|AAI Family Tree Quilt - in progress|
|American Legion Auxiliary Fundraising Quilt, Salem, Oregon, 1931|
The 1931 American Legion Auxiliary quilt from Salem, Oregon, is a great example of this type of quilt. It includes a center medallion prominently featuring the Auxiliary logo, and rows of embroidered names around the medallion. Leaders of the organization received prime positions on the quilt, with names and titles appearing around the inner circle closest to the logo. Two names of deceased supporters appear with gold stars embroidered next to their names.
|Spanish American War Commemorative Inscribed Quilt, c. 1915|
Adoption Advocates International, a Port Angeles, Washington based international adoption agency had a great idea for this year's fundraising quilt. For the past few years, AAI volunteer and quiltmaker Barb Patton has made an annual quilt to raise funds for Layla House, a child care facility operated by AAI. These quilts were raffled off and the proceeds supported the agency's humanitarian mission. This year, AAI is trying something unique and different - a family tree quilt.
|Here's what the Family Tree looked like as an unfinished top|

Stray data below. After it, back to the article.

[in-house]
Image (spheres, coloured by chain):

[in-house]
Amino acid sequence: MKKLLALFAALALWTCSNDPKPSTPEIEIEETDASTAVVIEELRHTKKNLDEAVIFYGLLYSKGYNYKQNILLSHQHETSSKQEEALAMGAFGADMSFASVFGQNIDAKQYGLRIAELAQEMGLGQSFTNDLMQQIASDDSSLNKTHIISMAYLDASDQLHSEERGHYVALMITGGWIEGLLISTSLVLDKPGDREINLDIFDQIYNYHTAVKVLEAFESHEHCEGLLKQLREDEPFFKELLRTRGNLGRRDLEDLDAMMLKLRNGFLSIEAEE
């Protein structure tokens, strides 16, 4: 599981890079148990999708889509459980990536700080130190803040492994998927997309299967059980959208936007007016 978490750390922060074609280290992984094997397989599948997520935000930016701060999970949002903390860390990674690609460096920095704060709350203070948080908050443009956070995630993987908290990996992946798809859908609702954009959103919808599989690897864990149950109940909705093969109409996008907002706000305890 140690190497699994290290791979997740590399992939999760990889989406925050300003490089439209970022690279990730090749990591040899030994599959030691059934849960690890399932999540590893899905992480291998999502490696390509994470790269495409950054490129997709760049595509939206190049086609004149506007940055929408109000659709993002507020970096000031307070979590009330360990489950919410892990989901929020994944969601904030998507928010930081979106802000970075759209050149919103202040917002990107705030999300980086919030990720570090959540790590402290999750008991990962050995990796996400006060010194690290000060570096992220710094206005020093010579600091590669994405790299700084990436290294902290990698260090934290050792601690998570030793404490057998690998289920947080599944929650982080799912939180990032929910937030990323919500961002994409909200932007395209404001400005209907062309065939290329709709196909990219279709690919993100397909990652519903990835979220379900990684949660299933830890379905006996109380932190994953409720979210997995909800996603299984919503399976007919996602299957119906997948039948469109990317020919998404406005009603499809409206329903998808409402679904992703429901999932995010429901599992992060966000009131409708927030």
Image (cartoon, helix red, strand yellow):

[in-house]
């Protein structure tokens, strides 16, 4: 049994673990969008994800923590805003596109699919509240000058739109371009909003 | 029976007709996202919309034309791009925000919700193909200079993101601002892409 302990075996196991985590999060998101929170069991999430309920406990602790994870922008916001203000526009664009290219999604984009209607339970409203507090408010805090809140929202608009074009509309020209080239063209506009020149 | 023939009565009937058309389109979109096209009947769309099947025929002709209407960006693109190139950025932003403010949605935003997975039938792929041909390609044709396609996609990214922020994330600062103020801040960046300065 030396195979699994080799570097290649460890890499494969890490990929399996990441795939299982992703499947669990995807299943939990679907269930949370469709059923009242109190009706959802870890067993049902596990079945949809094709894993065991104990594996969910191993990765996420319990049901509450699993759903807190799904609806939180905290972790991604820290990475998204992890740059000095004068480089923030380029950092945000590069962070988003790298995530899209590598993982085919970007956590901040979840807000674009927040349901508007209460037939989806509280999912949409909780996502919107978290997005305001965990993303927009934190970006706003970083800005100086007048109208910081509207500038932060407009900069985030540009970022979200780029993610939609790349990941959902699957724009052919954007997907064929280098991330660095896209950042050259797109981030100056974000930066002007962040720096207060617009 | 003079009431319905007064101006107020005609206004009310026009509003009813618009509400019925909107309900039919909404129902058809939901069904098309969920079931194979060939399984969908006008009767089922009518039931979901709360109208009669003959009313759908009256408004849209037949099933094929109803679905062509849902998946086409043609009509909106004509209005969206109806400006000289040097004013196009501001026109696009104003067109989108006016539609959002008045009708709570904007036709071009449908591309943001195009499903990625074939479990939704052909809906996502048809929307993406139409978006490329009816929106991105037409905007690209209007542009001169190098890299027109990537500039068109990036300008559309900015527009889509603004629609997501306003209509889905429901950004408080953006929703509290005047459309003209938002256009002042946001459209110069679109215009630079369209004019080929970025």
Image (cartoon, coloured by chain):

|Supporters can add leaves and other elements with inscribed names|
This quilt is waiting for just one thing before completion - the names of families and supporters on the leaves, branches, trunk and background. There are birds, butterflies, snails, squirrels, rabbits, and even shooting stars - and each supporter makes the quilt more fun and lively. Since I am adopted and have such admiration for my parents and those who adopt, I made a donation for a leaf with my family's name. November is National Adoption Month, so it's a great time to support AAI's efforts by helping them fill the landscape surrounding their beautiful family tree. To learn more about the AAI Family Tree Quilt, click here.
|"On a Quilted Breeze" by the Oregon Coastal Quilters|
|"Before I-84" by the Northwest Quilters|
So, the tradition of fundraising quilts is alive and well and today's quilters, taking a page out of the notebooks of their ancestors, are making creative, important quilts. If you see a raffle quilt or other type of fundraising quilt, I hope you'll participate in the benevolent tradition of beautiful and unusual American quilts. I know I do. I've got stacks of old raffle tickets. Maybe I'll get lucky one day. :)